Trillium Book Awards Author Reading 2015

The Entitled Interview with Jennifer Zilm

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Jennifer Zilm (photo credit: Melia Sorenson)

Vancouver's Jennifer Zilm is the author of two chapbooks and a host of award-nominated poems that have appeared in publications across Canada. Now, her full length debut has arrived: Waiting Room (BookThug), a draft of which was shortlisted for the 2014 Robert Kroetsch Award for Innovative Poetry.

Formally energetic, incorporating everything from sonnets to footnotes, Waiting Room tackles therapeutic spaces, from psychiatry and religion to graduate school and art and asks how patience and patients fit into these spaces. Wittily observant, it's an exciting collection from a smart and engaged writer.

We welcome Jennifer to Open Book today to talk titles for our Entitled Interview series. She tells us about the 'waiting' aspect of Waiting Room, her suggestions for an awesome dissertation title, and her all time favourite titles.

Open Book:

Tell us about the title of your newest book and how you came to it.

Jennifer Zilm:

I spend a lot of time in waiting rooms and commuting. I wanted to explore what happens in appointments, in the therapeutic encounter. But then I realized I was interested in the liminal state of the waiting room and also how waiting is also embedded in the appointment itself. The whole book is about waiting — e.g. for the dentist appointment to start and then for the moment when you can get out of the dentist chair with a clean mouth. I was trying to explore how if you can just embrace the waiting you can eliminate a lot of panic. There are a lot of different rooms and spaces in the book. There are doctors’ waiting rooms, there are hallways, there is the bank of the river you wait on for your father to finish fishing, there are the caves where the Dead Sea Scrolls were waiting for 2000 years to be discovered. And stanza is the Italian word for room and the third section of the book Singular Room Occupancy: Cantos from Main & Hastings uses a lot of language from Dante’s Purgatory so there’s a room and a waiting connection there as well.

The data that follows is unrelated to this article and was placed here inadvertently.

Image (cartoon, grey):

OB:

What, in your opinion, is most important function of a title?

JZ:

For a book of poems, I like titles that have resonance throughout the entire book. It can act as a guide to the reader. And it should be intriguing. Every year I try to write at least one poem based on the titles of books I have read that year.

OB:

Did you consider any other titles for your current book and if so what were they? Why did you decide to go with the title you eventually picked?

JZ:

In initial drafts it was called The Appointment. Then I had an idea to call it Waiting Room: Appointment Poems — because I like subtitles. Waiting Room just stuck and seemed to encompass more than The Appointment.

OB:

What is your favourite title that you've ever come up with and why? (For any kind of piece, short or long.)

JZ: